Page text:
Women's perspective on life after total laryngectomy: a qualitative study

Klaske E. van Sluis*, Anne F. Kornman, Lisette van der Molen, Michiel W. M. van den Brekel, Gili Yaron

*Corresponding author for this work

Research output: Contribution to journalArticleAcademicpeer-review


Background Physical and psychosocial challenges are common after total laryngectomy. The surgery leads to lifelong changes in communication, airway, swallowing and appearance. As we move towards health models driven by patient-centred care, understanding the differential impacts of surgical procedures on subgroups of patients can help improve our care models, patient education and support systems. This paper discusses the experiences of women following total laryngectomy. Aims To gain an insight into the impact of total laryngectomy on women's daily life while identifying their specific rehabilitation needs. Methods & Procedures This paper is based on in-depth, semi-structured interviews with eight women who had undergone total laryngectomy. These interviews were conducted with women at least 1 year after they had undergone total laryngectomy, and the participants did not have recurrent disease. Using an interview guide, participants were encouraged to discuss their everyday experiences, while also focusing on issues typical to women. The transcribed interview data were analysed by thematic analysis, taking interpretative phenomenological analysis as a lead. Outcomes & Results The interviews revealed three main themes: disease and treatment as a turning point, re-establishing meaningful everyday activities, and persistent vulnerability. Participants reported experiencing challenges in their rehabilitation process due to physical disabilities, dependency on others and experienced stigma. Women-specific challenges arose in dealing with the altered appearance and voice, performing care activities, and the spousal relationship (including intimacy). Conclusions & Implications Women who undergo total laryngectomy are likely to experience issues in returning to work, the performance of informal care-work, the spousal relationship, intimacy and social interaction due to stigmatization. Medical pretreatment counselling and multidisciplinary rehabilitation programmes should help patients form realistic expectations and prepare them for the changes they will face. A gender- and age-matched laryngectomized patient visitor can contribute to this process. Rehabilitation programmes should incorporate the partner and offer psychosocial support for women following total laryngectomy to return to their former roles in family life, social life and work-related activities.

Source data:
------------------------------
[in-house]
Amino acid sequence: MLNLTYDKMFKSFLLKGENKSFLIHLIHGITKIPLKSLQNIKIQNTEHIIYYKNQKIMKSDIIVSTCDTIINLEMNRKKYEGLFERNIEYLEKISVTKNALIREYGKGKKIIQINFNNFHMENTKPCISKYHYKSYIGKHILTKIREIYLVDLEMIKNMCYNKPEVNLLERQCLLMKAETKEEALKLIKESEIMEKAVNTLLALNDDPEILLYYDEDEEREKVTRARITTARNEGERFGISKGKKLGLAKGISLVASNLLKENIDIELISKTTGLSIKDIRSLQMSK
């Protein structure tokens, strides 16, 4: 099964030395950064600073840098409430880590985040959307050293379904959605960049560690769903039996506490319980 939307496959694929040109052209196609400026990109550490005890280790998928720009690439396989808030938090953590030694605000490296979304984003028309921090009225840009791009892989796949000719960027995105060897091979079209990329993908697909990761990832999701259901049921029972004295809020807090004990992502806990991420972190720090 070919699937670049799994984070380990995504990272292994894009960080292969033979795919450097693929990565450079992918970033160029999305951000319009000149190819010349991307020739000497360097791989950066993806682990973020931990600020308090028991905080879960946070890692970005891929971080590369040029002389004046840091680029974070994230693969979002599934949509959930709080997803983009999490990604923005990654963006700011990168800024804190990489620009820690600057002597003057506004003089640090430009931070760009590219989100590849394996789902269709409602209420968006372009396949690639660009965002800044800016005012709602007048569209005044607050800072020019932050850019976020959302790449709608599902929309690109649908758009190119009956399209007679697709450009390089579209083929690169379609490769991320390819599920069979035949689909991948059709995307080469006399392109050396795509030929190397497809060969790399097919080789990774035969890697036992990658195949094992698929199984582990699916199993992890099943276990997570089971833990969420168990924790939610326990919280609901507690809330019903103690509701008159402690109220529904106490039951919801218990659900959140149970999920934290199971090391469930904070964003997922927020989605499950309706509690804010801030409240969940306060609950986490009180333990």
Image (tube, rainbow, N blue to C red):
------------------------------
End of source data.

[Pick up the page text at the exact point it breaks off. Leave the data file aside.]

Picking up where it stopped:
Original languageEnglish
Pages (from-to)188-199
Number of pages12
JournalInternational Journal of Language & Communication Disorders
Issue number2
Early online date1 Nov 2019
Publication statusPublished - Mar 2020


  • total laryngectomy
  • functional outcome
  • stigma
  • quality of life
  • women
  • qualitative
  • WORK
  • SELF

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